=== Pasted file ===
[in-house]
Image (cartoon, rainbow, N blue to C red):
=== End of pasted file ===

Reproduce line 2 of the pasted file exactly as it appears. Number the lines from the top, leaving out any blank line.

Image (cartoon, rainbow, N blue to C red):